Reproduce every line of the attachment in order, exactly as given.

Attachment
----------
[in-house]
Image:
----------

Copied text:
[in-house]
Image: